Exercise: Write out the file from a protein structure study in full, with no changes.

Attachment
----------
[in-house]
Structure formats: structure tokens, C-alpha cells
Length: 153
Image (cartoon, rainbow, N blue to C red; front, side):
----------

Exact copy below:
[in-house]
Structure formats: structure tokens, C-alpha cells
Length: 153
Image (cartoon, rainbow, N blue to C red; front, side):